As another example, a user may request to tap data transmitted in both directions on a particular link between VTEs in a virtual topology. The particular link is mapped to a link between a first instantiated element and a second instantiated element in a physical topology. The first instantiated element may apply a tapping function to data to be transmitted by the first instantiated element and destined for the second instantiated element. Additionally, the second instantiated element may apply a tapping function to data to be transmitted by the second instantiated element and destined for the first instantiated element. The tapped data, from the first and second instantiated elements, may be transmitted to a tap aggregator. The tap aggregator may aggregate (a) tapped data obtained based on data transmitted in a particular direction on the link and (b) tapped data obtained based on data transmitted in the opposite direction on the link.

Another component in a tapping infrastructure may be, for example, a user interface engine. The user interface engine is configured to receive and/or present information at a user. The user interface engine receives a request to tap a particular link in a virtual topology. Additionally or alternatively, the user interface engine presents individual and/or aggregated tapped data associated with the particular link in the virtual topology.

In an embodiment, a virtual endpoint 620 is a connection between (a) an instantiated element implementing a tapping function 618 and (b) a tapping infrastructure 621. The instantiated element implementing the tapping function 618 and the tapping infrastructure 621 may operate in the same overlay network or different overlay networks.

As an example, VTE 512, VTE 514, and VTE 516, which are instantiated in the physical topology, may communicate via a particular overlay network (referred to herein as the “virtual topology overlay network”). Components within the tapping infrastructure 621 may communicate via a different overlay network (referred to herein as the “tapping overlay network”). A virtual endpoint 620 may connect to VTE 512 and the tapping infrastructure 621. The virtual endpoint 620 may be configured to transmit data between the two overlay networks. The virtual endpoint 620 receives data from VTE 512 including a particular encapsulation header corresponding to the virtual topology overlay network. The virtual endpoint 620 removes the particular encapsulation header, and adds a new encapsulation header corresponding to the tapping overlay network. Based on the new encapsulation header, the virtual endpoint 620 transmits the data to a component in the tapping infrastructure 621.

In an embodiment, a virtual endpoint 620 allows the transmission of data only in one direction. The virtual endpoint 620 transmits data from an instantiated element implementing a tapping function 618 to a tapping infrastructure 621. However, the virtual endpoint 620 does not permit transmission of data from the tapping infrastructure 621 to the instantiated element. The restriction on the transmission of data prevents the tapping infrastructure 621 from interfering with network data being transmitted between the instantiated elements in the physical topology.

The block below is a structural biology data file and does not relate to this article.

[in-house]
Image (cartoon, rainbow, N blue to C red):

Referring to FIG. 6B, generic machine 622 instantiates VTE 512 and VTE 514. Generic machine 624 instantiates VTE 516. The instantiated VTE 512 may transmit data to the instantiated VTE 514 via an overlay network. Alternatively, the instantiated VTE 512 may transmit data directly to the instantiated VTE 514, without tunneling through the overlay network. Alternatively, a single virtual machine, container, and/or application may instantiate both VTE 512 and VTE 514 on generic machine 622. The instantiated VTE 512 may transmit data to the instantiated VTE 514 within the same virtual machine, container, and/or application.

As described above, a user may request to tap the link 532 of the virtual topology 500. The link 532 is mapped to the link 636. If the user's request specifies tapping an output of VTE 512, then the source element (that is, the instantiated VTE 512), corresponding to the link 636, implements a tapping function 628. Alternatively, if the user's request does not specify whether to tap VTE 512 and/or VTE 514, then the source element (that is, the instantiated VTE 512) and/or the destination element (that is, the instantiated VTE 514), corresponding to the link 636, may implement a tapping function 628. As illustrated in this example, the instantiated VTE 512 is selected to implement the tapping function 628.

The instantiated VTE 512 applies the tapping function 628 to a set of data to be transmitted by the instantiated VTE 512. The tapping function 628 is similar to the tapping function 618, as described above. Examples of operations for implementing a tapping function are described below with reference to FIGS. 10 and 12.

The tapping function 628 does not modify any network data between transmitted between the instantiated elements in the physical topology. The instantiated VTE 512 processes data according to the functions specified for VTE 512 in the virtual topology 500. The instantiated VTE 512 identifies any processed data that is destined for the instantiated VTE 514. The instantiated VTE 512 transmits the data to the instantiated VTE 514.